Whether you’re buying or selling a home in New York City, you’re going to encounter a lot of fees, contracts, and negotiations. But you may be surprised to learn there are additional expenses to fork over when sealing the deal on a home. These are called closing costs.

Both buyers and sellers have to pay closing costs on a home sale, which can equal up to 10% of the purchase price. Here’s everything you need to know about closing costs, including how much they may be, and how to lower them.

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    What Are Closing Costs?

    Closing costs are additional taxes and fees that both buyers and sellers have to pay when closing on a home sale. According to Robert Niyazov, CEO of NYC-based mortgage brokerage firm R&J Capital Group, there are two types of closing costs. The first type is bank-related costs, including mortgage taxes and bank attorney fees. The second is title-related costs, such as transfer taxes, title insurance, and the NYC mansion tax (more on this in the next section).

    Who Pays Closing Costs?

    Both the buyer and the seller of a home will pay closing costs when making a deal. Both parties are responsible for paying their own attorney fees (usually real estate and/or bank attorneys), but the rest of the costs are generally split up between the parties.

    Buyer Closing Costs

    The buyer will have to pay a mortgage recording tax if they purchase a condo or townhouse. This is the fee associated with registering a mortgage with the state of New York. The mortgage recording tax is 2.05% on mortgages under $500,000 and 2.175% on mortgages above $500,000, and that includes the tax for both NYC and NY State. You can find the latest tax rates on the New York State Department of Taxation and Finance website.

    The buyer will also be responsible for paying for title insurance if they buy a condo or townhouse. Title insurance protects the buyer from debt, liens, and other claims against previous owners of the property. The cost of title insurance varies depending on how many owners the unit has had in the past.

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    Additionally, the buyer will have to pay what’s called a mansion tax on any property over $1 million, and the tax rate increases as the sale price of the home increases.

    If you’re buying in a new development, you may also be responsible for paying the transfer tax for the city and state, which transfers the title to you. Otherwise, this is a cost the seller takes on. Brian Babst, a licensed associate real estate broker with Compass, says: “I have never in 18 years of doing this, I’ve never seen a seller pass the transfer tax to the buyer, except for new development.”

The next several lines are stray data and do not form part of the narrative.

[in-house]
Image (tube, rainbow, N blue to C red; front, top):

Other closing costs buyers may have to pay include home appraisal fees, application and credit check fees, and move-in fees.

    Seller Closing Costs

    The seller is responsible for paying both their listing agent’s commission and that of the buyer’s agent. They’re also responsible for paying the transfer tax, as mentioned above, whether they’re selling a condo, co-op, or townhouse. They’ll also need to pay for their attorney’s fees.

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    Mortgage lender Tony Jao shares more about closing costs in this video.

    How Much Are Closing Costs?

    How much you’ll pay in closing costs largely depends on the price of the home and what kind of property it is. For example, if a buyer purchases a $1 million condo and finances $800,000 of it, they’ll have to pay 2.175% of the $800,000 in mortgage recording tax, which equals $17,400. Then, they’ll owe a 1% mansion tax on the dollar value of the home, or $10,000. Because they’re buying a condo and not a co-op, they’ll have to pay title insurance, which usually costs about 0.4% to 0.6% of the purchase price. For a $1 million home, this would equate to $4,000 – $6,000. Attorney fees usually run between $2,500 and $5,000 as a flat, one-time fee, Babst says. Added together, the buyer is at roughly $38,400 in closing costs, or 3.84% of the purchase price. (Please keep in mind these numbers illustrate a point, and estimates shared here are subject to change.)

    A good rule of thumb for buyers is to be prepared to spend 2-5% of the purchase price in closing costs, and expect the percentage to be on the higher end for condos, townhouses, homes over $1 million, and new developments.

    Buyers who are purchasing a unit in a co-op will generally pay less in closing costs. Mortgage recording tax and title insurance only apply to real property, which excludes co-ops. However, the mansion tax does apply to co-ops priced over $1 million.